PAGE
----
You don’t need to be a nerd to suffer heartache. It just so happens that nerds tend to be traditionally the least desirable social classification. There is a longstanding prejudice characterizing we who love anime, technology, and comic books as lacking normal social skills. Well, I’ll have you know that I only occasionally sniff other people’s armpits. Apart from that, I’m so normal, I’m perpen-freaking-dicular.
Among all types of people I met in school, I found nerds to be the nicest people. I was socially mobile and therefore moved easily between emos, stoners, punks, preps, posers, smart kids, jocks, goths, geeks, and muggles. Inevitably, though, I returned time and again to geeks. Smart kids drank away their weekends, jocks were too busy going out with girls, and goths were always painting their nails black. My best friend invited me to my high school’s computer club in senior year. I didn’t even know we had one, so I was intrigued. Fascinatingly, it was an after-school program where we played Quake II for hours. I thought that was pretty nerdy, and that’s coming from someone who got athletic letters for being on the chess team.
All that time I spent theorizing on the advantages black chess pieces must have over white and getting shot by railguns left little time for love. I wasn’t actively avoiding a romantic relationship. It was merely one bad choice after another for me. You gents reading this can sympathize with me; I was seemingly forever banished to the friend zone, like the Twilight Zone but with more disappointment. Certainly, seeing very nice girls go out with guys possessing the refinement of crude oil made it seem like I was in the Twilight Zone. Girls who were raised properly admired utter Neanderthals in a clear case of “the grass is always greener” syndrome. I would have so much in common with these girls and they were transfixed by boys, usually the ones who got tattoos of their own name on their rib cages because they were too ignorant to remember otherwise. There are only so many times you can hear, “There are other fish in the sea,” before you want to swear off fish forever.
Being the best friend, never the boyfriend, was at least educational, if nothing else. I discovered something highly important: most people don’t know what they want in a romantic partner. That leads them to take a scattershot approach in dating and to make the same mistakes repeatedly. Even people who think they know what they want might not know what they need. A college friend asked me once what my ideal partner would be like. I told him, “Someone just like me,” a remark at which he laughed. He went on to criticize me, saying it was boring for partners to be so similar because there is no spark. Since then, he has had one awful relationship after another with girls who have zilch in common with him. Seems his spark led mostly to conflagrations.
This leads me to another important point: Paula Abdul may sing about how opposites attract, but Cicero teaches us, “Like readily consorts with like.” In other words, there is always an initial, fiery ardor at the start of a relationship. The test begins after that first burst. Relationships can fall apart if people are very similar or very dissimilar, to be sure, but I’ve found that being someone’s opposite is the more aggravating scenario. There is little in the world more likely to inspire you to want to chew off your own foot in ire than your partner annoying you because he/she just had to do things his/her way, which coincidentally is the exact trigger for you to pop a gasket. That is less likely to happen when your partner is so much like you.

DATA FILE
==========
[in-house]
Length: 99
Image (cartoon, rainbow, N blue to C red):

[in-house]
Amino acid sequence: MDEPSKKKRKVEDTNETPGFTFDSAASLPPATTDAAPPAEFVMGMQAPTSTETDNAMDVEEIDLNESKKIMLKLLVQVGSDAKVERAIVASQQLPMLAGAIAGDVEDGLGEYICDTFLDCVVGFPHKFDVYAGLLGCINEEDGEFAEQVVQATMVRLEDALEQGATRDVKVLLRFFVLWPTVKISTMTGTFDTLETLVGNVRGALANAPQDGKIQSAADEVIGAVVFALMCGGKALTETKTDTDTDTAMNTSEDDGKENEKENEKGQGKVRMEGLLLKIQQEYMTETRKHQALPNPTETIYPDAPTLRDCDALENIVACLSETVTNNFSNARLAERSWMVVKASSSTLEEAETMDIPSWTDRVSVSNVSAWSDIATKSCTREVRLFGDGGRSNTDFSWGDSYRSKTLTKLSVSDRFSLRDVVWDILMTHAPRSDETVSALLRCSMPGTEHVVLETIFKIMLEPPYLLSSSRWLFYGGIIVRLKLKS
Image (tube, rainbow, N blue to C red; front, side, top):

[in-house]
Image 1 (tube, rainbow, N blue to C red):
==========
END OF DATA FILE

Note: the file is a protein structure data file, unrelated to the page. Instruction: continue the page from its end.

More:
All of that is still cold comfort when you can’t even get a date. Trust me, I know how it goes. If you know yourself, you know which parts of yourself need improvement. However, the most important point is this: rejection doesn’t mean you’re undesirable. Some of us are so plainly fantastic that, when our advances are callously spurned, we wonder what’s wrong with ourselves. What’s wrong with us is that we care too much about those who don’t care about us enough. You might think that is some kind of Dr. Phil hogwash, but it’s true. We are hurt by the ones we love because we genuinely value them and their opinions. When they brush us off, we are more likely to internalize that because we hold them in such high regard. “She’s so perfect, she can’t possibly be wrong. She must not like me because of something she sees in me.” Next time you feel that way, consider the source. Is it coming from someone who keeps you at arm’s length, someone who values meaningless things over your worth to him/her as a human being?
It’s not you. It’s them.
When someone is the Lila to your Arnold, remember that you are not a freak (except for your weird football head). Seriously, though, I hope I’ve given you something to think about, even if you disagree with me. As a self-identified geek, I get how hard it is for us geeks to get the guy or gal of our dreams. Everything is like living the torture of Sisyphus, trying so hard only for things to slide backward time after time. I have walked your path. I have had my heart broken. When you find that right person, though, you will know it. It will be so clear to you and you will rejoice, for that person has finally come along and brightened up your life. Now, go out there and ask that cute guy or girl you’ve quietly admired from afar out on a date. Living in fear of rejection is far worse than ever being rejected. You know how I know? I asked out an older girl to my senior prom, utterly dreading the forthcoming rejection. She was surprised but said yes. Had I not asked her, she would never have gone and we would not have had one of the most fun nights of my life. This is your life. Live it! Love it!